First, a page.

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Discussion Starter · #1 ·
As title says, I found out today that I can drive Evie without having the keys in the car with me! Managed a nice jaunt up the A24 at around 60mph quite happily. Arrived at my destination and couldn't find my keys.

Eventually it dawned on me that the last place I'd put them was on the bonnet between the windscreen (yep that nice new screen of mine) and the plastic trim. So my keys had travelled 15 miles on the outside of my car. :eek:

I'm guessing Evie would have stopped quite suddenly had they fallen off! Quite scary that it's possible for me to be that stupid though! :oops:

Anyone else managed it?
 
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As title says, I found out today that I can drive Evie without having the keys in the car with me! Managed a nice jaunt up the A24 at around 60mph quite happily. Arrived at my destination and couldn't find my keys.

Eventually it dawned on me that the last place I'd put them was on the bonnet between the windscreen (yep that nice new screen of mine) and the plastic trim. So my keys had travelled 15 miles on the outside of my car. :eek:

I'm guessing Evie would have stopped quite suddenly had they fallen off! Quite scary that it's possible for me to be that stupid though! :oops:

Anyone else managed it?
Believe it or not but even if you had left the keys at home the car won't stop.
Once it's started it worn cut out without the keys , but if the batteries die or you switch it off , it won't restart until the keys are within range .
 

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Discussion Starter · #3 ·
Believe it or not but even if you had left the keys at home the car won't stop.
Once it's started it worn cut out without the keys , but if the batteries die or you switch it off , it won't restart until the keys are within range .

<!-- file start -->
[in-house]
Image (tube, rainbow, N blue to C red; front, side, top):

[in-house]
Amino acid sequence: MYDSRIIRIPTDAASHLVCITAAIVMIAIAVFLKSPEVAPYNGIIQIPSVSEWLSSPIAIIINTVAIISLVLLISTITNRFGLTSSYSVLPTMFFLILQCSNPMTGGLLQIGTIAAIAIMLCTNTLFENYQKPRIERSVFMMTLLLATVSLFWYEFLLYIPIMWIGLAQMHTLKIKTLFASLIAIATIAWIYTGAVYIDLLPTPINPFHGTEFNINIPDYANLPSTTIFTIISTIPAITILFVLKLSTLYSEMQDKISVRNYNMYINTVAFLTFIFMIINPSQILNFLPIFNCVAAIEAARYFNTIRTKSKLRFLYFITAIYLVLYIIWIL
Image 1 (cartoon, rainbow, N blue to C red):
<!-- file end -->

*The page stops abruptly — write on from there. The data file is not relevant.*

Good grief! What idiot designed that system? That's almost as stupid as me! I'd have had no chance if finding them if they had fallen off then!
 

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Rather less dangerous to keep going if they fall off than design it so the car cuts out (no steering, no brakes) while you are doing 70 in the outside lane of the M25.

At least with the way it is, you'll still be alive to phone hubby for the spare set of keys.
 

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Discussion Starter · #5 ·
Rather less dangerous to keep going if they fall off than design it so the car cuts out (no steering, no brakes) while you are doing 70 in the outside lane of the M25.

At least with the way it is, you'll still be alive to phone hubby for the spare set of keys.
I have to say Blackleaf, I hadn't envisaged it just cutting out. Rather a warning and then gradual loss of power. Although how I thought that would work I've no idea. I'm not a techie at all ;)

I was very lucky, no lost keys, no power cut off, no accident and no shamefaced call to hubby for rescue :)

Unfortunately however it's a regular thing for me to do putting the keys there so it was only a matter of time before it happened. Just need to think of a way that I won't forget the keys or drop them in the mud if I take them down the fields with me.

This new car thing has been a very steep learning curve ;)
 

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It will warn you "key not detected" if you get out while the car is still turned on with the keys in your pocket. Ask me how I know ...

But they don't cut the power, gradually or otherwise, as there is no way to predict how long to make "gradually" last for it to be safe to cut out - you might be hammering past one of those nose-to-tail lorry convoys and losing power would leave you falling backwards into the BMW/Audi that is generally found attached to one's rear bumper.